Heading back, I stopped at the bridge and listened to the water, rushing over the rocks, making its tumbling, frothy sound. I studied the willowy branches reaching from the bank: tipped in buds, pale and silvery, not yet opening to green. Retracing my route, the bark of a wood frog reached me from the wetland; just two turtles remained on the log, in the setting sun.

When I first spied the turtles all lined up through the branches of the thicket I was so excited that I felt foolish, afterwards. Maybe it had to do with the jogger, running by me, on adult business—serious exercise!—I felt childish in comparison. But then I realized: if I can’t get in touch with that child-like wonder, that thrill of discovering life and beauty in the natural world around me,

How will I know to protect it?

I went for a walk and saw the miraculous, beside the trail, right at my feet, and dancing over a mud puddle. A good walk—it was something special, after all.

In Search of Frogs

Last year Sally and I happened to be at our cottage, in northwest Michigan, on a spring weekend when frogs and toads were calling. The sound coming from the swamp at night was amazing—like a tremendous frog engine. (It was quite beautiful, as well—especially the sound that I learned later was the call of the American Toad, a long, high trill, bright and ethereal.)

Trying to learn more about what we heard, I went to the internet and discovered the Michigan Frog and Toad Survey, a project of data collection that began twenty years ago in response to worldwide amphibian decline. This year I decided to participate. I set up a route and registered it with the DNR, and they sent me a packet (including recordings on a CD). We studied the calls a bit, then, outfitted with a clipboard and headlamps (and a recording app, on my phone) we headed out on the “early spring” run.

Stop 1: We visited this new-ish park last winter, and discovered there are ponds here. But a walk down the paved path soon after sunset, then off to the right onto gravel reveals no frog sound—just loud, incessant highway noise. Is it I-75, or M-59? Probably both, we think. We hike back up the hill and encounter someone strolling with two dogs, off-leash (one runs up and licks Sally’s hand), and as we get back in the car we hear a rowdy series of whoops from somewhere down below. Quite the party scene, I comment to Sally as we pull out of the parking lot.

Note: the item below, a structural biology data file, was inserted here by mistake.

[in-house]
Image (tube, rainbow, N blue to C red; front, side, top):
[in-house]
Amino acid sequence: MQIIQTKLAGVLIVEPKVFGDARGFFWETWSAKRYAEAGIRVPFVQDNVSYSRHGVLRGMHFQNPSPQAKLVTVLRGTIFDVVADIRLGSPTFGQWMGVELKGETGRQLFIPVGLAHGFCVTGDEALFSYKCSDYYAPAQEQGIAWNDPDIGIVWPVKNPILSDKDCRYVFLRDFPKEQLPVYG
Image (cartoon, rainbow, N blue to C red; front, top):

Stop 2: It’s almost full dark as we turn in the driveway for the conservation land next door to City Hall. There’s a short flight of stairs down from the lot, and we can see just enough to manage them without switching on our headlamps. A small footbridge crosses a stream and leads to a clear, dry spot surrounded by vegetation. We stand quietly in the dark, hearing nothing. Coming up empty again! Then Sally says, “look” and points, and I see a low, dark shape with a white blaze on its head, coming towards us. A skunk–not hurrying, but purposeful, going about its business. It’s headed right for us, completely unaware of our presence until our voices (“is that a skumk?” “wow”) startle it and we see its tail go up. “Back away slowly” Sally advises, and we do, retreating to the bridge. The skunk disappears into the night. I’m reminded that all kinds of creatures are up and about, in the dark.

Stop 3: Frogs! I was pretty sure they would be here, alongside the Clinton River Trail. We can hear them from the parking lot, and they get louder as we leave the sidewalk for the trail: the steady cheep, cheep of spring peepers. I get out my phone to make a recording, and we try to judge the quantity of the overlapping calls: is this a level 2, or 3? We can replay it later.

Farther along the trail, the bank on one side falls away to darkness and the sound is clearer here. I make another recording, and jot some notes about where we are standing, beside a brand-new trail sign, bathed in light from the skating rink atop the hill behind us. I feel the presence of people in that light, leaking out the windows and strewn across the path—but it seems distant, removed; and the life of the river—which we’ve walked along many, many times now—feels stronger, more connected to me as the frogs go on singing. I stand in the dark just beyond the squares of electric light, and listen.